The wise man knows, and listens to the hen, even through their own duckling scorn:
"You don't understand me," said the duckling.
"Well, if we don't, who would? [says the hen] Surely you don't think you are cleverer than the cat and the old woman-to say nothing of myself. Don't be so conceited, child. Just thank your Maker for all the kindness we have shown you. Didn't you get into this snug room, and fall in with people who can tell you what's what? But you are such a numbskull that it's no pleasure to have you around. Believe me, I tell you this for your own good. I say unpleasant truths, but that's the only way you can know who are your friends. Be sure now that you lay some eggs. See to it that you learn to purr or to make sparks."
The hen offers a tough love, to be sure – and the duckling tires of it. But when you are a writer, when you are a wise writer who truly revises, it pays to have those friends who will tell you those unpleasant truths. If you’re on the first draft, the third or fourth revision, and are surrounded by people who say you are doing well, expand your circle of friends. Find a few who will honestly tell you that what you’ve created needs more work.
Because it does.
And that’s okay.
As I write Doleful Creatures, I recognize the story’s beauty has evolved. It was an ugly duckling after the first draft. After the tenth draft – though it had grown a bit and started to lose its turdiness and grow into its beautiful hair by then. Now on revision fourteen, I begin to see – begin, note – that had I settled for a job well done (and self-publishing, electronic publishing, lets a job well done be nearly instantly awarded) when if I worked harder, many ideas hidden and undiscovered would come to light. And what a glorious light it is.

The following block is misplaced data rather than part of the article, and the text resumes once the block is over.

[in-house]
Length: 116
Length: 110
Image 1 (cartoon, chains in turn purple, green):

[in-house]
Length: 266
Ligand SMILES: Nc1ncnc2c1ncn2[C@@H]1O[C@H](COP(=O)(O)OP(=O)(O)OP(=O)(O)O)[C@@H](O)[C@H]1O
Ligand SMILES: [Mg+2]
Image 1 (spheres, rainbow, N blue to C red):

Poet Gregory Orr writes of “process[ing] experience” as he writes. “I take what’s inside me – the raw, chaotic material of feeling or memory – and translate it into words and then shape those words into the rhythmical language we call a poem. This process brings me a kind of wild joy. Before I was powerless and passive in the face of my confusion; but now I am active: the powerful shaper of my experience.”
Note the words translate and shape. That is what revision is. Drafting or writing is taking memory or imagination and pressing it through a Play-Doh Fun Factory. Revision is taking the resulting mess and making something of it. Revision allows our brains to look at what exists and see what can be added to make it better – revision triggers our brains into thinking of everything, not just what’s idling on the surface.
And maybe revision means killing that initial vision. Or that beloved character. Or that tone. Or that narration style, Or that scene.
Revision makes us wiser. And yes, sometimes sadder.
But Meredith Wilson has an anthem for revision:
I flinch, I shy, when the lass with the delicate air goes by
I smile, I grin, when the gal with a touch of sin walks in
I hope, I pray, for Hester to win just one more A
The sadder but wiser girl for me!
Rebuke a wise man, and he will love thee.
Be that wise man. Revise.